Marking the bicentenary of the Peterloo Massacre
To mark 200 years since the Peterloo Massacre, we're looking at the connections between our places and the rights and beliefs we hold dear today.
Why was the Peterloo Massacre important?
On the 16th of August 1819 thousands of pro-democracy and anti-poverty protesters gathered in St Peter’s Field in Manchester. A cavalry charge to disperse the crowd left an estimated 18 people dead and nearly 700 injured. The massacre was a turning point in our democracy, leading directly to the founding of the Manchester Guardian newspaper and becoming a catalyst for Chartism and other workers' rights movements.
Two National Trust places, Quarry Bank and Dunham Massey, have connections to this event and this year you can discover more about their stories.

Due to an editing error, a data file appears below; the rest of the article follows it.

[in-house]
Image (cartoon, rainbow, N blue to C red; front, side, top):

'Glorious Phantoms' at Quarry Bank and Dunham Massey
From Saturday 13 July, discover two new contemporary art films at Quarry Bank and Dunham Massey, inspired by Peterloo, protest and the power to create change. The new art commissions have been created by artist family Grace Surman, Gary Winters and their children Hope and Merrick in response to the connections these places have with the Peterloo Massacre.
These commissions are supported using public funding by the National Lottery through Arts Council England and with additional support from Art Fund.